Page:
Monitoring the perfusion of preterm babies
Renewing ultrasound techniques will open doors for a whole range of diagnostic and therapeutic possibilities in the cardiovascular and neurological field. The Medical Delta program Ultrafast Ultrasound for the Heart and Brain offers excellent opportunities to tackle the major existing and evolving healthcare threats.
The program focuses on three healthcare threats: heart failure, atherosclerosis and neurological disorders.
In the Netherlands it is expected that 195,000 people will be diagnosed with heart failure in 2025. This will lead to a high number of hospitalizations and deaths. Atherosclerosis is a disease in which plaque builds up inside arteries. If plaque ruptures in an artery linked to the brain, this can lead to stroke. In the neurological field, brain tumors are a large threat. In the Netherlands alone, more than 1000 patients were diagnosed with a brain tumor last year.
Ultrasound is the most commonly used medical imaging technique. It is harmless, relatively cheap and because of the real imaging it gives immediate diagnostic feedback. The technology is developing rapidly: newly developed ultrafast imaging brings the functioning of the heart and brain directly into view and special contrast agents make new diagnostics and treatments possible.
Three technological developments are foreseen. The first is ultrafast ultrasound imaging (thousands of images per second), which makes the flow in the heart, blood flow through organs and even activation of brain parts directly visible ("functional ultrasound").
The second focuses on the realization of new sensors, making ultrasound into a truly 3D modality. At the moment, almost all applications show a 2D visualization, this creates a limitation for treatment. In this program 3D image reconstruction will be used, to improve diagnosis and treatment options in health care.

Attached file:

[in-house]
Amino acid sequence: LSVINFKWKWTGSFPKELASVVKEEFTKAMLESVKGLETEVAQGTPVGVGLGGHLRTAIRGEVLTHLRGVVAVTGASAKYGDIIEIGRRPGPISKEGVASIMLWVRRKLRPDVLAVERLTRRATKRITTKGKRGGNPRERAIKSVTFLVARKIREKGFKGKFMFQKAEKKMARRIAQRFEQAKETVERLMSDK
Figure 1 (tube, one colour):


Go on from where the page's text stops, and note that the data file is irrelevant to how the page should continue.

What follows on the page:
The third is the development of ultrasound contrast agents that target disease-specific markers and can transport drugs with them.
This program will offer diagnostic methods with excellent opportunities to tackle the major existing and evolving healthcare threats, such as heart failure, atherosclerosis, and neurological disorders. The technological breakthroughs will also be directly clinically tested in the cardiology and neuroradiology departments of Erasmus MC. The expected results will represent a huge step forward for clinical practice, where doctors eagerly await the new possibilities these techniques offer.
In this program Erasmus MC is involved as well as TU Delft and LUMC. The program is very well linked to two living labs of the Medical Delta. These are Medical Delta Instruments, which is focusing on the use of minimal invasive instrument, and Medical Delta ResearchOR, which focusses on the use of protocols and measurement systems in the Operating Room.
We are looking for a PhD for this position.